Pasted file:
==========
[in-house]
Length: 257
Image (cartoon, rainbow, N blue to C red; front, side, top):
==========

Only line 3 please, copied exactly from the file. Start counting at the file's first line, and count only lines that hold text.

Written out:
Image (cartoon, rainbow, N blue to C red; front, side, top):